(For the record, Richard Donner's director's cut of Superman II doesn't contain many of the flaws of the Richard Lester version originally released, and is a far better film.)
     Out of kindness, I won't go into detail about Superman IIISuperman IV or Superman Returns, which I'm sure no one wishes to defend.
     If you're a fan of the comic book version(s), he's little better. For most of his run, he lives a double life, attempting to romance an uninterested Lois Lane while posing as a clumsy, socially inept dork, while pushing her away as a nuisance when he's being himself. (Unlike with true love, he wants Lois to love him not for who he is, but for who he's pretending to be.)
     Also, for most of those years, he didn't need to even think about killing anyone because even his worst foes weren't trying to kill anyone, except maybe kill Superman himself. They were either trying to pull overly complicated robberies in Metropolis (why, if you're a crook, do you decide to rob banks or museums in the one city in the world that has a resident godlike man defending it?) and/or to defeat Superman as if it were just some sort of game.
     Frankly, there's really no good reason for someone to dress up in a flashy costume to get cats out of a tree. There isn't much reason to do so to catch bank robbers either. About the only reason to do so is because you're fighting guys who are also dressing up like that, or to let people know that someone very important is coming and to act accordingly ("Kneel before Zod."). If you're humble and not seeking glory, you don't dress like that. If you're meant to be a symbol, you don't show your face either. A mask is de rigeur.
     Then there's the whole schizo Clark Kent-Lois Lane-Superman triangle. Is that truly a sane way to behave? Only if you have no feelings for Lois and just want to maintain your secret identity. In any sequels to Man of Steel, it looks like Lois and Clark will have a more honest relationship.
     There are many versions of Superman out there. He was not conceived of, developed and written by one person with one vision. And each writer's vision has been influenced by the times in which they lived (one version had a mullet).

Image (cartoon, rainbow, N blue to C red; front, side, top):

I'm thankful for Man of Steel for several reasons: there is no sign of Kryptonite, which is a mostly lame plot device; Lois Lane behaves like a more-than-competent reporter (and appears to be of an age where that is believable) rather than a bad screwball comedy heroine; and while there is a brief glimpse of the Lexcorp label, there are no hare-brained real estate schemes involving the murders of millions of people. All those elements were also present in the 1978 film, so revered by critics of the new film. Do they wish they were present in the new film? 
     I've also seen several critics say the sequence on Krypton was too long. I liked it myself, but I'm more of a science fiction fan in general than a Superman fan in particular.
     I didn't care for all of the fight sequences -- I didn't care for them in Superman II either -- but they may have been some viewer's favorite scenes.
     I also didn't like the learning-to-fly scene. It looked silly, like he was jet-powered. I always saw Superman's flying as more of an antigravity thing, that he could just sort of float there, though he could go faster than the sound barrier if he chose to or needed to. Man of Steel seemed to imply in that first flying scene that he couldn't fly unless he went very fast. (If you want Superman to get back to his roots, flight is the first ability that needs to go. He couldn't do it until the comic book makers saw how silly he looked jumping in the original Fleischer Studios animated shorts.)

     Yes, in most cases Superman wouldn't need or want to kill anyone, but -- as I read in a book on writing -- a book or a film is about the most significant or most important or most unusual event in someone's life. That's why most series peter out. Either they become absurd because they try to make each successive event bigger than the last, or people start wondering why these less significant events warrant a book (or film). Man of Steel isn't about a random, pedestrian day in the life of Clark Kent/Kal-El, but about big issues, difficult decisions. You can argue that he made the wrong one, but that shouldn't in and of itself make the film a bad one. So if you don't like the film, ask yourself why, then ask yourself if the problem is within the movie or within yourself.